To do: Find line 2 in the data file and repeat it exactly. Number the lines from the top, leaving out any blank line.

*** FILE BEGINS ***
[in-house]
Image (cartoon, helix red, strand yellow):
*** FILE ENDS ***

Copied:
Image (cartoon, helix red, strand yellow):